Young black males: resilience and the use of capital to transform school ‘failure’
young black males
MetadataShow full item record
AbstractThis article addresses the idea of ‘failure’ of young black males with respect to schooling. Perceptions of black masculinity are often linked to ‘underperformance’ in the context of school academic achievement. This article addresses how young black men, by great personal effort, recover from school ‘failure’. It explores how young black men, despite negative school experiences, see possibilities for their future and how they seek to transform school ‘failure’ into personal and educational ‘success’. Low attainment combined with permanent/temporary exclusion from school does not necessarily deter young black men from pursuing their education. This low attainment is used by some to make a renewed attempt at educational progression in a different post-school learning environment. Yosso’s concept of ‘community cultural wealth’ provides an understanding of how different forms of capital are accessed by young black men to form a ‘turnaround narrative’. This article considers the complex ways in which young black males work to transform their negative school experience. Their narratives reveal a determination to succeed and the ways in which cultivation of this determination by the family, organisational/community agents promotes a sense of possibility. However, it remains to be seen how, in the UK, the cuts to vital local services and support will impact on this sense of possibility.
CitationWright C, Maylor U, Becker S (2016) 'Young black males: resilience and the use of capital to transform school ‘failure’', Critical Studies in Education, 57 (1), pp.21-34.
JournalCritical Studies in Education
Showing items related by title, author, creator and subject.
Impact of social capital development and use in the growth process of women-owned firmsRoomi, Muhammad Azam (World Scientific Journals, 2009-11)Drawing upon the Churchill and Lewis stage growth model of enterprises, this study explains the role of social capital possessed by women entrepreneurs in different stages of growth within their firms. Friends and family as well as women-only networks in the start-up stage; customers, staff, and suppliers in the survival stage; mixed networks as well as business and professional advisers in the success and take-off stages; and suppliers and/or distributors in the maturity stage have been found to be the main sources of women entrepreneurs' social capital. In particular, the study highlights industry differences as well as norms of behavior based on trust and obligation through which they successfully transform their contacts into useful resources. The availability of these resources as well as access to information, advice, and ideas act as a catalyst in developing and growing their businesses.
Sport events and representational capital: investigating industry collaboration in Rugby World Cup 2015 planningShephard, Emily Jessica (University of BedfordshireUniversity of Bedfordshire, 2015-09)This research study investigated intangible assets generated by sport event hosting, specifically in relation to those industries that could influence the planning and leveraging of this alternate value source at Rugby World Cup (RWC) 2015 host destinations. The industries under scrutiny were sport, public sector and tourism, and the sampled host destinations were Cardiff, Exeter, Brighton and Gloucester. The objectives of this thesis were threefold: (1) to respond to the lack of knowledge around the collaborative roles of sport, public sector and tourism organisations in sport event planning, (2) to pioneer representational capital, a concept that looks to examine the input of those pinpointed planners in the identification and valuation of intangible opportunities generated by hosting RWC 2015 fixtures, (3) to probe planning discourse for examples of leveraging representational capital. Expert opinions were captured from executive-level RWC 2015 planners, and supported by secondary data analysis. The findings showed that public sector and sport organisation planning representatives were key RWC 2015 planners and that tourism planners, at a destination level, were not key collaborators in central planning forums, but collaborated extensively with national and international tourism organisations on RWC 2015 planning matters. Additionally, the analysis uncovered that representational capital was predominantly made-up of three key intangible asset areas: destination image, exposure and reputation. Indeed, these intangible areas were recognised and valued by all three industries, but the data analysis indicated that the levels of collaboration between the sampled planning industries did not translate into collectively leveraging representational capital. Moreover, one of the main breakthroughs from this investigation was identifying the interconnected nature of a range of intangible assets in generating greater value, i.e. increasing representational capital available to planners. Representational capital was found to have a strong connection throughout the leveraging process, in terms of the maximisation strategy and planned outputs in RWC 2015 planning, further supporting the study project objective of investigating the intangible in relation to sport events.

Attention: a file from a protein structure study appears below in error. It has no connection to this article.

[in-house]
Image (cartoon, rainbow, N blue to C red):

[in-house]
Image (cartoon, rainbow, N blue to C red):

Volunteering for the Beijing 2008 Olympic games : visions, policies and capitalsZhuang, Juan (University of BedfordshireUniversity of Bedfordshire, 2011-01)This research examines the use of volunteering at the Beijing 2008 Olympic Games for the creation of human, social and political capital at individual, organisational and societal levels. Despite a long tradition of Olympic volunteering, this has not been investigated so far. The concept of volunteerism at Beijing 2008, in fact, was constructed upon multiple contexts including the Olympic Movement, Chinese society and an international understanding of the term (BOCOG, 2005). Hence, volunteerism as an under-investigated concept is firstly studied individually in each of these contexts. The frameworks underpinning this research include Getz’s (2005) human resource planning process which explains how specific policies for managing event volunteers are formulated for fulfilling its vision(s); and theories of social, human and political capital as developed by Putnam (2000), Bourdieu (1986; 1991) and Coleman (1988) respectively. Multiple qualitative case study strategy is adopted for this investigation, following a constructivist paradigm. The subjective and interactive epistemology is constructed upon the knowledge and experiences of a total of fifty-seven informants, most of whom were directly involved in the Beijing 2008 Olympic Volunteer Programme. The research findings illustrate that the Chinese state and BOCOG’s interpretation of the concept of volunteerism was manifested in organisational visions for the ii Beijing 2008 Olympic Volunteer Programme. These visions were accomplished through a range of management policies, which in fact placed volunteerism at Beijing 2008 in line with the maturity stage of volunteerism in the Olympic Movement. During the course of the management practices, social, human and political capital were created in varying degrees at all of the three levels. It was also evident that participation and training were the critical processes in the creation of different forms of capital. Moreover, the findings suggest that the created social, human and political capital have both positive and negative effects on those involved, while full possible long-term effects are yet to become apparent. This research makes distinctive contributions to the body of knowledge. It adds six-dimensional conceptual frameworks for both volunteerism in general and Olympic volunteerism in specific. Investigation into how volunteering for the Beijing Games has been used for the creation of social, human and political capital at individual, organisational and societal levels is deemed to be original. Research findings will contribute to the development of volunteerism in the Olympic Movement and future Olympic volunteer programmes. Suggestions for future research are also proposed to investigate on further issues of issue of the use of volunteering for the creation of social, human and political capital at future Olympic Games as well as other mega events.